On July 29, 1958, Congress passed legislation and President Dwight D. Eisenhower signed into law the National Aeronautics and Space Act, establishing NASA.
In the 55 years since, “NASA has become the world’s premier agent for exploration, carrying on in ‘the new ocean’ of outer space a long tradition of expanding the physical and mental boundaries of humanity,” wrote NASA historian Steven J. Dick.
On the space administration’s anniversary, take a look back on five big milestones NASA has achieved so far—and five more to look forward to in the next few decades.
1958: Explorer 1, the first American satellite
After Russia launched the world’s first satellite, Sputnik, the Jet Propulsion Laboratory, which is now part of NASA, immediately began work on its own design. After three months of development, Explorer 1 launched and began circling Earth twelve and a half times per day until 1970, sending back crucial data, and setting the stage for future space exploration.
1969: The moon landing
The first American in space, Astronaut Alan Shepard, spent 15 minutes in flight in 1961. Soon afterward, President John F. Kennedy announced that NASA would next send humans to the moon, and the Apollo program was established. In 1969, Neil Armstrong was the first person to set foot on the surface of the moon, and the world watched as he proclaimed, “That’s one small step for man, one giant leap for mankind.”
1990: The Hubble Space Telescope
Before the launch of the Hubble Space Telescope, our views into space were limited to what telescopes on the ground could show us. The first telescope in space, named after astronomer Edwin Hubble, revealed clear images of the universe beyond our galaxy for the first time.
1998: The International Space Station
The ISS wasn’t the first space station—Russia had launched two and NASA had sent up the failed Skylab in 1973—but it’s the most advanced. The first portions of the station were launched in 1998, with the first crew arriving in 2000. It’s been in use ever since, as the U.S. and several other countries send astronauts and equipment to study the cosmos on long-term programs.
1996: The Mars Pathfinder
Launching in 1996 and landing on the Red Planet in July 1997, the Mars Pathfinder traveled 309 million miles and returned billions of pieces of information and thousands of photos back to Earth for one year. This unmanned mission cleared the way for many more Mars research projects, including today’s rover, Curiosity.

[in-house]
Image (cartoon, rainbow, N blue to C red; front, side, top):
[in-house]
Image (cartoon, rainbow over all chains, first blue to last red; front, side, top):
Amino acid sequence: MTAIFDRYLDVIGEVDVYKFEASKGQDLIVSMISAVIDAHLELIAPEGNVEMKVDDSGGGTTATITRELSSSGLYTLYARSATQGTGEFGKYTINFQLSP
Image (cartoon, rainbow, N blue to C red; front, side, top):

So, what’s next for NASA? You can look forward to these exciting new missions:
2015: Expedition to Pluto
The New Horizons spacecraft launched in 2006 and is now halfway between Earth and Pluto, which is more than 9 billion miles away. The first mission to go such a distance, it’s planned to fly by Pluto and its moons in July 2015.
2016: Exploring Jupiter
Juno, a spacecraft launched in 2011, has already traveled 785 million miles toward Jupiter, traveling 1.6 miles per second relative to Earth. Juno is scheduled to reach the giant planet to study its origins and atmosphere in 2016.
2018: A visit to the sun
The Solar Probe Plus will launch in 2018 and will visit the sun’s outer atmosphere, which is, according to NASA, “arguably the last region of the solar system to be visited by a spacecraft.” The probe is planned to reach that historic destination by 2024.
2025: First manned mission to an asteroid
In 2010, President Barack Obama announced plans to send humans to an asteroid by 2025. Currently, NASA’s Orion program is working toward making that promise a reality.
2030: First manned mission to Mars
Earth’s next biggest space achievement is undoubtedly sending humans to Mars. In 2010, Obama seemed sure of the milestone. “By the mid-2030s, I believe we can send humans to orbit Mars and return them safely to Earth. And a landing on Mars will follow. And I expect to be around to see it,” he said.
Watch a June NASA update on the Mars Opportunity Rover: